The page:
State-sanctioned horseshoe crab confinement threatens shorebirds
CHARLESTON, S.C. — A group of conservationists is preparing to sue the South Carolina Department of Natural Resources and Charles River Laboratories for penning horseshoe crabs in manmade ponds for an unlimited time during spawning season, a practice that imperils a threatened migratory shorebird, the red knot, which feeds on the eggs.
The captive crabs are rounded up for Charles River Laboratories, a $22 billion pharmaceutical company that extracts up to half of the crabs’ blood for the biomedical industry. Many crabs do not survive the captivity, and many others do not survive the bleeding.
Today, Defenders of Wildlife and the Coastal Conservation League, both represented by the Southern Environmental Law Center, sent a 60-day notice letter to SCDNR and Charles River Laboratories. The notice is a required precursor to a federal lawsuit alleging that confining the horseshoe crabs during spawning season deprives red knots of their primary food source, a violation of the Endangered Species Act.
Red knots time their 9,000-mile one-way migration to coincide with the horseshoe crab spawning season and the abundance of eggs. Crabs confined to inland ponds can’t spawn on South Carolina beaches, leaving less food for the shorebirds.
South Carolina is the only state that allows this treatment of horseshoe crabs.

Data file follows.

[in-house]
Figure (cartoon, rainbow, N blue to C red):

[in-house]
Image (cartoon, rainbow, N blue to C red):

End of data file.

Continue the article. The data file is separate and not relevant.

“There are many things unique to South Carolina, but this should not be one of them,” said Laura Cantral, executive director of the Coastal Conservation League. “Horseshoe crabs play a vital role in the coastal ecosystem. Red knots can’t survive without them. Penning horseshoe crabs in ponds on behalf of a pharmaceutical company upsets the natural balance.”
The state permits for these ponds, issued by SCDNR, are shrouded in secrecy. The agency, in responding to an open-records request, redacted the locations of the ponds and the names of the pond operators. The only information about the ponds publicly available is from permits several years old.
“We are asking South Carolina regulators to immediately suspend their authorizations for these ponds,” said Lindsay Dubin, an attorney with Defenders of Wildlife. “And if they do not, we’re ready to go to court to protect these iconic red knots from a company further imperiling their existence and from a state complicit in these actions.”
The notice letter sent today follows a successful lawsuit against the U.S. Fish and Wildlife Service that challenged the practice of allowing a commercial horseshoe crab harvest at the Cape Romain National Wildlife Refuge without a federal permit.
“These ponds exist solely to make it cheaper and more convenient for Charles River to take a creature from the wild and make money off of it, at the expense of a threatened and iconic shorebird,” said Catherine Wannamaker, a senior SELC attorney. “No other state allows this, and neither should South Carolina.”
According to the notice letter sent to SCDNR, the agency “provides almost no oversight or meaningful restrictions” to the operators of these holding ponds. “Many horseshoe crabs die while stored in the holding ponds, and for those that do not, their health is degraded the longer they remain trapped.”
The notice letter can be read here.
Images of a possible horseshoe crab containment pond can be found here (360 aerial view) and here. The images correspond to the latitude and longitude from a 2018 Army Corps of Engineers permit for a horseshoe crab enclosure in Beaufort County, provided under an open-records request. Because SCDNR will not release current information, it is not clear whether the pond is currently in use.